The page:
If you use networking to promote your business – ideal when you provide a service – it is vital that you talk about the value that you provide, to the people you meet. If you strike up a conversation and start telling someone how much you charge, before you’ve explained the value they could get from your expertise, you won’t have a very long conversation. The same applies to online marketing – promote your value and benefits through any social media where you can have a ‘conversation’ with prospects.
You’ve carefully planned your marketing – you know exactly who your ideal clients are and how to attract them. You’ve worked out what you can afford to do, who will do it and when. Your marketing is going really well and new business is coming in. But how much of your marketing is effective? Which activities are working best? If you don’t know, you’re committing Massive Marketing Mistake Number Nine and you won’t be able to follow the second rule of marketing.
Massive Marketing Mistake Number Nine – Not Measuring Your Marketing
A huge number of businesses don’t actually measure their marketing. They put time and effort in planning and carrying out their marketing and that’s as far as they go. Then, a year down the line, they realise that they haven’t got as much new business as they had hoped for, or they’ve spent more money than they had planned to, just to get enough new clients.
Successful businesses measure their marketing activity. They know what’s working, what isn’t working and how much it’s costing them. They’re able to adjust their marketing as they go along, to get even greater benefits. They understand the importance of measuring their marketing as it allows them to find out what marketing works and do more of it.
How do you avoid Massive Marketing Mistake Number Nine?
The way to avoid this Mistake is simple – measure your marketing! What should you measure? The answer is everything! Any marketing that you do needs to be measured. Start by measuring the number of enquiries you generate from each marketing activity and how much it costs for each enquiry. Go a stage further and measure the number of new clients generated from those enquiries. Some activities may generate many enquiries, but if they’re not the right sort of enquiries – not your ideal clients – you won’t get the conversion to clients that you want.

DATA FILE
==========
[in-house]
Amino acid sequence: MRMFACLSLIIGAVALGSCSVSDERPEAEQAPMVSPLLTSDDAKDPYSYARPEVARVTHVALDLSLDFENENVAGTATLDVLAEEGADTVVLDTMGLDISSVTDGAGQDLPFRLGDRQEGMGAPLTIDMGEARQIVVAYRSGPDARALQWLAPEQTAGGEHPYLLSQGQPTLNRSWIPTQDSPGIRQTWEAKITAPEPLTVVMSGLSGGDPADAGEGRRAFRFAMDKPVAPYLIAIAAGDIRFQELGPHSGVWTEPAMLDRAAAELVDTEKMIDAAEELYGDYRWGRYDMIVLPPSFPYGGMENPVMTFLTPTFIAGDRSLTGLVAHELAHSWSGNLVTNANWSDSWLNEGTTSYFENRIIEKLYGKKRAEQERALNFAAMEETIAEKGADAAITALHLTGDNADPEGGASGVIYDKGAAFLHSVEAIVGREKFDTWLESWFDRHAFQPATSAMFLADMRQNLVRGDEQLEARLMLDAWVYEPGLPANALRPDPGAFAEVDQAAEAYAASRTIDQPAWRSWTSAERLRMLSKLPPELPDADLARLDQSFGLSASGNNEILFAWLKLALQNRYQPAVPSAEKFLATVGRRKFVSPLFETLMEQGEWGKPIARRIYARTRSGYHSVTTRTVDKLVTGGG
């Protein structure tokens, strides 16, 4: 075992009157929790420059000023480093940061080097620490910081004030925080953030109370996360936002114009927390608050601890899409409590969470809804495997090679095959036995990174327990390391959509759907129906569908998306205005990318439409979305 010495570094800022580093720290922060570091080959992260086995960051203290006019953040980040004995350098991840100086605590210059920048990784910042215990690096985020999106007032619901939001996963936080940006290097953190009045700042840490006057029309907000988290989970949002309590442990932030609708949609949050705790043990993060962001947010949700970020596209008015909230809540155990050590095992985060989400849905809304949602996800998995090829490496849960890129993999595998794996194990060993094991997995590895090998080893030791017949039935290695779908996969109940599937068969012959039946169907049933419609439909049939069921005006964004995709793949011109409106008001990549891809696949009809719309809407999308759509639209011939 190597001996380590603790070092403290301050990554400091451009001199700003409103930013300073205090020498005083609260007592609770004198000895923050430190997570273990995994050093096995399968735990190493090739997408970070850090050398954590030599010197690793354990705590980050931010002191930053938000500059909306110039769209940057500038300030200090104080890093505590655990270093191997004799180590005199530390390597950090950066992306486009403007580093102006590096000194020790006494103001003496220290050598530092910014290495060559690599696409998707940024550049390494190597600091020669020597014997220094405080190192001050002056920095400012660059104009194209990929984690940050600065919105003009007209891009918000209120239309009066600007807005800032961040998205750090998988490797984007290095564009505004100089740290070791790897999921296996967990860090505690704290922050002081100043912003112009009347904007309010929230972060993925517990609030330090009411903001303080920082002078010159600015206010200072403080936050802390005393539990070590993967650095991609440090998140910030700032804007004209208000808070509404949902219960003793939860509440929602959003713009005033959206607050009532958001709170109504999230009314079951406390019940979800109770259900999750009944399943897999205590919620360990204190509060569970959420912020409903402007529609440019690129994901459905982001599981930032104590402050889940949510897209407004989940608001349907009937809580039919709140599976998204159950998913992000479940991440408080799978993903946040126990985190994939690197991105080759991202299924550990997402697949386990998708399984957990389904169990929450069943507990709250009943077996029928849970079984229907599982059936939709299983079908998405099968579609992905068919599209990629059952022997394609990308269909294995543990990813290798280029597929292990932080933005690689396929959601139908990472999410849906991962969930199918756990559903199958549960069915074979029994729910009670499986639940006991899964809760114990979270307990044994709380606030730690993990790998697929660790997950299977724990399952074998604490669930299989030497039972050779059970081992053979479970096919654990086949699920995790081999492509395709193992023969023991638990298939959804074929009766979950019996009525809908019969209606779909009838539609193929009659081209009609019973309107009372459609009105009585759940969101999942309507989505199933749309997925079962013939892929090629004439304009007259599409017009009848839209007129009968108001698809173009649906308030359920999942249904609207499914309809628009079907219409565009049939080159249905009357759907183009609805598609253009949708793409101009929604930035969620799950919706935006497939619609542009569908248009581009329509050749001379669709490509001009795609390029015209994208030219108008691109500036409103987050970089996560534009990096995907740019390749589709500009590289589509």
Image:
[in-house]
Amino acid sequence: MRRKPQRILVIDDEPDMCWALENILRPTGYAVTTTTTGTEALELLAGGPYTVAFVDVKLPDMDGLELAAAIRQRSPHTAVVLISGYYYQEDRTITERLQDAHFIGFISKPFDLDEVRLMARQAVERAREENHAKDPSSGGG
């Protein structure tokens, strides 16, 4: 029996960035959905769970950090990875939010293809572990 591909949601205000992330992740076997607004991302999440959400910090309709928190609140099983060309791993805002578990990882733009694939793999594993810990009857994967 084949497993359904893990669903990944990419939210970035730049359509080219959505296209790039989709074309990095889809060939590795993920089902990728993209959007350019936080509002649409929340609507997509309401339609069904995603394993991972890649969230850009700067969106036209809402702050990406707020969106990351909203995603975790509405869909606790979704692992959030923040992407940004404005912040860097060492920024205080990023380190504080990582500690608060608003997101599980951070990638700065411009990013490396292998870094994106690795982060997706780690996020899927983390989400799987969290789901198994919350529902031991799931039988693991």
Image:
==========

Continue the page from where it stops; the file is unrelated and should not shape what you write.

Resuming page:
When you measure your marketing, you can make sound decisions about the best marketing to use for your business. You can stop doing what doesn’t work and do more of what does work. And that way, you’ll be able to build a strong, sustainable business.
That’s the end of this nine part series, in which we’ve looked at the Massive Marketing Mistakes that too many small businesses commit. If you need help with avoiding these mistakes on a regular basis, our Marketing Mentoring can help. There’s a special offer for any new clients who start working with us in May 2015 – click here for full details.
“I went networking once but it didn’t bring me any new clients.”
These are phrases that I hear on a regular basis. It’s a bit like saying “I had one ice skating lesson and still didn’t win the first competition I entered.” Instead of falling over and hurting yourself, you need to invest in a number of lessons and do plenty of practice, to make sure that you reach the right standard. Sending one piece of direct mail without researching it first and doing any follow up afterwards is unlikely to get you any results. In the same way, going to one networking meeting isn’t enough time to allow new people to get you know you properly. This is ad hoc marketing. The first rule of marketing is that ad hoc marketing does not work. If you try it, you’ll be committing Massive Marketing Mistake Number Eight.
Massive Marketing Mistake Number Eight – Using Ad Hoc Marketing
When you provide a service such as coaching or consulting, your prospective clients need to trust you before they will share their problems with you and part with their money. You need to build up a relationship with them.
When I first started helping coaches and consultants with their marketing, it was commonly thought that it took up to six ‘touches’ with a prospect before they would buy from you. This meant that a prospective client might, for example, meet you at a networking meeting (1), they might read about you in a press article (2), read an issue of your newsletter (3), hear you speak at a presentation (4), be recommended to you by one of your clients (5) and visit your website (6). With the development of social media, this number can be reported to be as high as 40 touches! Whatever the number, what it means is that you need to keep doing your marketing on a regular basis, using the right mix of activities, so that you ‘touch’ your prospects as many times as is needed, to build up the right level of trust, before they will buy from you.
How do you avoid Massive Marketing Mistake Number Eight?
If you’re following the advice in this series of blogs, you will have created a list of potential marketing activities (the post about Mistake Number Five will help you do this). Next you need to consider how many times you need to do each one and over what period of time. It’s about doing the right number of the right number of things. You can’t choose 10 activities and only do each one once. You would be better off using just three marketing activities and doing them more often, and over a sustained period of time.